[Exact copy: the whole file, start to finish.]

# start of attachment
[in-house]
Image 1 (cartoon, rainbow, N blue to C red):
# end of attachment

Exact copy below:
[in-house]
Image 1 (cartoon, rainbow, N blue to C red):